4. The only place you can find them in South Florida is on the streets. Dealerships are completely sold out, and there is currently a 2-3 month wait. My friend wants to trade in his Honda S2000 for either a BRZ or Scion FR, he’s going to wait it out until they become more readily available.

    It goes without saying that there is

    1. …hit return too soon…

      no discounts or incentives available whatsoever. I’d rather wait until a TRD or STi version comes out.

      BTW – I’m sleeping with the devil.

  5. A friend of a friend runs a very small Fiat dealership in Italy. He runs things essentially in the same manner, minus the online part.
    The dealership is essentially a service garage, with a small office. Customers come in and order a car, he forwards the order to Fiat and handles the financing/registration, etc.

    Most North American Porsche dealerships are similar. There may be a few new cars on the lot (for impulse shoppers, I guess), but the majority of customers special-order their cars.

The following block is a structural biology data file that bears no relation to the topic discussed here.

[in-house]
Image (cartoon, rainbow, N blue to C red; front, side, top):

It’s a lean and more system. Dealers don’t have to spend a fortune on real estate, inventory financing, etc.

  6. I recently went to test drive the Subaru BRZ (here in the U.S. market) and the dealer’s entire allotment was sold out. They were taking deposits for the cars due to arrive in December. I must say, however, the sales person I spoke with did direct me across the street to the Toyota/Scion dealer (sold in the U.S. under the Scion brand as the FR-S) pointng out that there was one on their lot.

    Across the street I went and took the car for a test drive. It was equipped with the 6-speed automatic transmission. Not a bad car overall. Adequate power and felt quite nicely balanced. I would like to find one with the 6-speed manual as I typically prefer that gearbox and have read reviews praising its excellence.

    Both stores indicated fixed, no-haggle pricing.

  7. I enjoy configuring a car on the internet …buying one would be the next step.
    Usually though when one configures a car via” build your own” on a automaker’s website you end up with an accurate price ..but then they always refer you to your local dealer who, very rarely, has the car with the options you just configured.

    The Subaru BRZ… saw one in the parking lot the other day and have to get close to see what it was…from a distance I thought it was a Ferrari. It seems super secret because haven’t heard too much about it.